Pompeo’s Iran speech: The U.S. secretary of state delivered his “Supporting Iranian Voices” speech at the Ronald Reagan Library and Foundation in California (State Department). Mike Pompeo told an audience mostly made up of Americans who are not of Iranian descent that the Iranian government was spreading violence in the Middle East, and that the clerics were filling their own pockets while the rest of Iran suffered under their hands. The New York Times fact-checked Pompeo’s speech. Analysts weighed in on the speech, mostly with criticism. Former Ambassador John Limbert, who was a hostage during the 444-day Iran hostage crisis, wrote: “Pompeo’s speech has demonstrated that this administration has no knowledge of or interest in history” (LobeLog). According to U.S. officials, Pompeo’s scathing speech was part of a collection of public discourse and online communications meant to “foment unrest” and “pressure Iran” (Reuters).
Read how members of the Iranian diaspora reacted to the speech (Los Angeles Times).
Why Trump tweeted: Shortly after Pompeo delivered his speech, U.S. President Trump threatened Iran on Twitter. It was in response to comments made by President Rouhani during a meeting with Iranian diplomats, where he cautioned about a potential U.S. invasion of Iran (Reuters). The Iranian president said, “America should know that peace with Iran is the mother of all peace, and war with Iran is the mother of all wars,” echoing an expression used by Iraqi dictator Saddam Hussein in 1991 during the invasion of Kuwait. Following Trump’s tweet, his national security advisor rattled sabers again, saying the president told him that if Tehran "does anything at all to the negative, they will pay a price few countries have ever paid” (The Guardian).
Tehran reacts to Trump: The Iranian response to the inflammatory tweet was “slower and more measured” (Atlantic Council). Judiciary Chief Sadegh Larijani—who Pompeo called in his speech a “thieving thug” worth $300 million—said that “any illogical move by the United States would entail a memorable response.” Trump’s Iran policy appears to have unified the country’s political factions. As the editor of state-run Mehr News Agency tweeted: “Tonight, I retweeted tweets from reformists that under normal circumstances I would’ve never retweeted. The opposite has happened for sure, too. Mr. Pompeo, you’re a fool to have united us!” It wasn’t until evening time in Tehran that the Iranian foreign minister responded with “COLOR US UNIMPRESSED.” Mohammad Javad Zarif then offered commentary on Iran having been around for millennia and having seen the fall of empires, including its own. He also warned the U.S. president to “BE CAUTIOUS.” A day later, on July 25, the Iranian president finally commented on the matter (AP). Rouhani told members of his cabinet in a meeting, “There is no need for us to respond to any nonsensical comment and answer back to them.” This was followed by the foreign ministry spokesman saying that Iran would never take part in “one-sided negotiations” with Washington threatening Tehran (Reuters). It is becoming evident that the Iranian government plans to wait out Trump’s term, and to re-engage the U.S. when the next American president takes office. A senior reformist politician told the Financial Times, “When we face unfair attacks, we have no choice but to answer those attacks. This U.S. approach is not sustainable and we should wait until there is a change in the next Congress or administration.”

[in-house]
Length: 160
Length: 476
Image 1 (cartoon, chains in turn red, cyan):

Trump wants to talk: Only days after his threatening tweet, Trump claimed that he would still like to negotiate with Tehran (Reuters). During a speech to the Veterans of Foreign Wars, the U.S. president said, “We’ll see what happens, but we’re ready to make a real deal, not the deal that was done by the previous administration, which was a disaster.”
Is a war coming? Since the U.S. withdrawal from the Joint Comprehensive Plan of Action, there has been talk of war with Tehran. Trump’s tweet, which was highlighted in our Quote of the Week, carries the beating of war drums. On July 22, the chief of the Iranian armed forces argued that though the U.S. did not talk about war openly, it was trying to convince its military of an invasion of Iran, according to “precise existing information” (Radio Farda). Major General Mohammad Hossein Bagheri did not elaborate on what the “information” was. This week, the Western media gave a lot of attention to these Trump tweets from 2011-2013: